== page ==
Orlando quickly re-took the lead on Rashard Lewis's third trey of the quarter, but the Magic still hadn't figured out a way to stop Hughes. With 48 seconds remaining in the quarter, Larry converted a three-point play to give the Cavaliers their first lead of the half, 84-81. At the end of three, the score was tied 86-86, Cleveland was still shooting 56%, had scored thirty-plus points in two consecutive quarters, and Larry Hughes had dropped in 23 points on 6-of-7 shooting in the third. Wow.
The Cavaliers stayed smoking in the fourth quarter, starting the period on a 12-2 run (including a technical foul on a mightily displeased Stan Van Jeremy) to take a 98-88 lead at the 8:12 mark. Looking like the fresher team on the floor, Cleveland spread the floor and attacked the basket beautifully on offense, and crashed the boards with a vengeance on defense.
Orlando sliced the lead to four at 99-95. Then LeBron took over. A drive to the hoop made it 101-95; then the King powered in a three-point play to make it a nine-point game at the 4:32 mark. After a Nelson lay-up, LeBron fed Hughes, who dropped in a three-pointer to bump the lead back up to ten at 107-97. LBJ finished off the 10-2 run with a pair of free throws to make it 109-97 with 3:35 left.
Back-to-back buckets by Turkoglu, including a three-ball, cut it to 109-102 with less than two minutes remaining. Then Larry Hughes, appropriately enough, applied the knockout punch. With time running out on the shot clock, Hughes drilled a desperation three-pointer, making it 112-102 with a minute-and-a-half left. From there it was a matter of hitting free throws and withstanding the last Magic barrage and the Cavaliers did enough of both to take it home, 118-111.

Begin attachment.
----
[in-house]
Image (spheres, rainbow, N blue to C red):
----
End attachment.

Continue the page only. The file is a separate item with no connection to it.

Now that was a monumental win.
Odds and Ends
How the game was won: The Cavaliers won this game with- you heard right- offense. Cleveland shot 53.5% from the field, 9-of-14 from long range, dished out 21 assists, and made more free throws (33) than the Magic attempted (29). Considering the potential for tired legs and the fact that this isn't a particularly good offensive squad even at the best of times, it was an amazing performance. Combine that with the usual tough fourth-quarter defense- Orlando scored just two points in the crucial first four minutes of the period- and you have the ingredients for a huge win.
LeBron's line: 29 points, 10 assists, and seven rebounds on 8-for-15 from the field and 12-for-15 from the line. The King had been unable to take his usual afternoon nap prior to the game. It didn't seem to cramp his style too badly.
Other heroes: You name them. Devin Brown came off the bench to score 11 on 4-of-5 shooting, including those nine second-quarter points that got the Cavaliers back in the game when they were in danger of being blown out. Dwayne Jones played 22 minutes thanks to Z's foul trouble and scored only two points, but his active defense on Dwight Howard helped stymie the Orlando phenom, who scored just six points after his big opening quarter. Drew Gooden came back to the lineup and provided an early jolt of energy.
Last, but far from least, was Larry Hughes: 12-of-19 from the floor, 12-of-13 from the line, 4-of-5 from downtown, for 40 points- 23 in the third quarter and 33 in the second half. I can say without reservation that this was Larry's best performance in a Cleveland uniform. The man takes a lot of heat around here, and deservedly so- but he was magnificent in this one.
Next: The Cavaliers finish off the first half of the season at home on Wednesday evening against San Antonio. The All-Star Break can't get here soon enough.